You don’t need to dig deeply into the literature of Leadership Development before you find advocates of ‘learning on the job’. Strong voices tell us that the best way for leaders to hone their skills is through the first-hand practice of leadership itself. I’ve got some sympathy for this viewpoint, there are some parts of leadership development that benefit from an ‘in at the deep-end approach’, it’s a great way of recognising the adaptability and resilience needed to do the job well, and it blows away the idea that you can learn leadership straight from a book.
But I’d suggest that there are other parts of the leadership role that need to be developed through a structured process of learning, and high on this list is negotiation.
The very last place that I’d want my leaders to be learning negotiation is during a negotiation.
Being effective in developing leadership negotiation skills gives us a real challenge as educators, “how can any learning environment authentically build the factionalism, passion and jeopardy that are the essence of important negotiations?”
The answer is that they can’t - no simulation or role play can build that level of intensity. The problem needs a different kind of solution.
What we need is an approach that allows us to work towards a set of learning objectives that cover:
An accessible and effective approach that will deliver these potential learning objectives is this:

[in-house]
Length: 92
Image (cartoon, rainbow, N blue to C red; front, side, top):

In a. it’s clear that there is a need to choose an experience that best reflects the type of negotiation in which the participants are likely to be engaged i.e. reflecting their role and responsibility. At RSVP Design we would probably select T-trade or Strike Fighter for senior negotiators, Post-it or Minefield at management level and Hollow Square for those needing fairly basic negotiation skills.
In b. it is important to structure a post-activity debrief that allows each person or group who has been involved to ask questions of the other party. The facilitator can do this in an open manner by inviting questions such as “Is there anything you would like to ask the other group(s)?” Alternatively the facilitator can ask each person or group “What do you think that the other group was trying to achieve? What was their strategy?” then asking whether this was indeed the case. Either of these structures, used as part of a debrief, allows the participants to make an informed connection between the intentions and behaviours of those who were across the negotiating table.
The insights that we’re trying to achieve are about building understanding of positive intent during negotiation. It’s very rare that people in negotiations behave in a way that doesn’t have a positive intent, and trying to understand what this is, is an extremely useful way of thinking i.e. asking yourself (Stated in the positive) “What is this person trying to achieve?” The result is that rather than answers such as “They are trying to stop me achieving the position I’ve given them” you end up with a positively stated, and usually more specific, alternative such as “They are trying to achieve a figure that’s somewhere between our positions”.
Learning to negotiate effectively needs quality practice. It’s a multi-person, multi positional, dynamic exchange that places great demands on the levels of interpersonal insight that each party brings to the table. The very last place that I’d want my leaders to be learning negotiation is in a negotiation, so I’m a strong advocate of investing in their development.